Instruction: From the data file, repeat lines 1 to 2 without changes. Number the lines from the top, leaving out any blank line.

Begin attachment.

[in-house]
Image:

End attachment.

[in-house]
Image: